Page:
Publication number | US6864890 B2 |
Publication type | Grant |
Application number | US 10/228,450 |
Publication date | Mar 8, 2005 |
Filing date | Aug 27, 2002 |
Priority date | Aug 27, 2002 |
Fee status | Lapsed |
Also published as | US20040041815 |
Publication number | 10228450, 228450, US 6864890 B2, US 6864890B2, US-B2-6864890, US6864890 B2, US6864890B2 |
Inventors | Robert A. Meek, Phil D. Anno |
Original Assignee | Comoco Phillips Company |
Export Citation | BiBTeX, EndNote, RefMan |
Patent Citations (7), Non-Patent Citations (9), Referenced by (35), Classifications (10), Legal Events (7) | |
External Links: USPTO, USPTO Assignment, Espacenet | |
1. Field of the Invention
The present invention is a method of obtaining an anisotropic velocity model for proper depth imaging of seismic data.
2. Related Prior Art
The search for subsurface hydrocarbon deposits typically involves a multifaceted sequence of data acquisition, analysis, and interpretation procedures. The data acquisition phase involves use of an energy source to generate signals which propagate into the earth and reflect from various subsurface geologic structures. The reflected signals are recorded by a multitude of receivers on or near the surface of the earth, or in an overlying body of water. The received signals, which are often referred to as seismic traces, consist of amplitudes of acoustic energy which vary as a function of time, receiver position, and source position and, most importantly, vary as a function of the physical properties of the structures from which the signals reflect. The data analyst uses these traces along with a geophysical model to develop an image of the subsurface geologic structures.
Common Mid Point (CMP) stacking, also sometimes referred to as Common Depth Point or Common Reflection Point, CDP or CRP respectively) of seismic field data is well known. See for example U.S. Pat. No. 3,217,828 to Mendenhall et al, and U.S. Pat. No. 2,732,906 to Mayne, which are incorporated herein by reference as a teaching of the CMP technique. The U.S. Pat. No. 3,217,828 teaches two-dimensional (2-D) data processing where dipping earth layers are projected into a two-dimensional plane, perpendicular to the surface of the earth, along a designated line of profile.
Seismic data migration typically uses diffraction traveltimes from subsurface imaging points to the source and receiver locations to produce an image of the subsurface reflectors. The diffraction traveltimes are the seismic signal propagation times along raypaths from each imaging point to the source and receiver locations. The propagation times, which are usually plotted as diffraction traveltime curves, are used after appropriate preprocessing of the raw seismic data to generate an estimate of the correct location of the reflector.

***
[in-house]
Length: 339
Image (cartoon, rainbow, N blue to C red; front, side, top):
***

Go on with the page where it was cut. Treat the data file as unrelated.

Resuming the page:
The basic concepts of migration are discussed next with reference to
Because of the offset distance 2 k, the arrival time t of a particular wavelet along path S-14-R is greater than the travel time t_{0 }of a wavelet that might have traveled along a direct path m_{0}-14-m_{0}. The time difference is termed normal moveout (NMO). The quantity f(t) may be corrected for NMO by the relation
where V represents the NMO velocity of the medium through which the wavelet traveled. The above relation is a small-offset approximation. It should be observed that for zero offset k and constant velocity V the reflection points for f(t_{0}) such as 14 lie along a semicircle such as 19 centered about m_{0}. Wavelet amplitude varies according to the inverse square law due to geometric spreading.
The hyperbolic time-distance relationship given by eq. (1) is illustrated in
The migration process may be implemented in the time domain by the summation process or it may be implemented in the frequency domain. Such methods would be known to those versed in the art.
There is a vast array of literature indicating that the velocity of propagation of seismic waves in the subsurface is anisotropic, i.e., it depends upon the direction of propagation. There are numerous causes of such anisotropy. Backus showed that layering of isotropic materials having different shear modulii and with a layer thickness much shorter than the wavelength of seismic waves produces a transverse isotropy with a vertical symmetry axis (referred to hereafter VTI). In addition, shales exhibit transverse isotropy in their elastic properties even at very short seismic wavelengths. This has been attributed to intrinsic anisotropy. The cause of VTI is not pertinent to the present invention in that the present invention is a method for properly migrating seismic data in the presence of VTI regardless of the origin of the VTI.